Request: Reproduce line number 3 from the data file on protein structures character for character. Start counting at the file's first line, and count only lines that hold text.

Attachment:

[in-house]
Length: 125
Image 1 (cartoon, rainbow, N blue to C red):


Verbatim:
Image 1 (cartoon, rainbow, N blue to C red):